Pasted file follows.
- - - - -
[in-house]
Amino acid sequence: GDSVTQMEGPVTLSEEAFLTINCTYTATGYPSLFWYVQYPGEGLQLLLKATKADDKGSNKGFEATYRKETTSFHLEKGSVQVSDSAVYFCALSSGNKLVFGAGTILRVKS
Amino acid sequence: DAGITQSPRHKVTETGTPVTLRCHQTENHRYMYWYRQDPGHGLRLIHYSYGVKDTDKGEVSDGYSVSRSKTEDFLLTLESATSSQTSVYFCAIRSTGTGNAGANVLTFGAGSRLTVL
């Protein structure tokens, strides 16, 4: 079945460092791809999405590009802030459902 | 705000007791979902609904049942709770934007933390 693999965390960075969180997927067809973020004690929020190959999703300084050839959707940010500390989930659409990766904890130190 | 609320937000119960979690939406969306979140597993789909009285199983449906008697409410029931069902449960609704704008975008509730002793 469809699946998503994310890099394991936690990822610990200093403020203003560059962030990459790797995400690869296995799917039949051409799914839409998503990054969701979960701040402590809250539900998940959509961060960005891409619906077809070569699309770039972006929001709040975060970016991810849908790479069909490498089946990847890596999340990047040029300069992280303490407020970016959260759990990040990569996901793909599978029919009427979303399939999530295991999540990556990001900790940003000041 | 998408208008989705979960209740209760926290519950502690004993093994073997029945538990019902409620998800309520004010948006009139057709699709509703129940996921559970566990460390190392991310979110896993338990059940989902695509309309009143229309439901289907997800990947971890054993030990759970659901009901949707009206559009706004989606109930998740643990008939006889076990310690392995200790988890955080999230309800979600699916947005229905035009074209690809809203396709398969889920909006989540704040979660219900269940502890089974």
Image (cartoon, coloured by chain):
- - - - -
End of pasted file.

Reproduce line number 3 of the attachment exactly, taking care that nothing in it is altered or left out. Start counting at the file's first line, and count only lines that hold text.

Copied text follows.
Amino acid sequence: DAGITQSPRHKVTETGTPVTLRCHQTENHRYMYWYRQDPGHGLRLIHYSYGVKDTDKGEVSDGYSVSRSKTEDFLLTLESATSSQTSVYFCAIRSTGTGNAGANVLTFGAGSRLTVL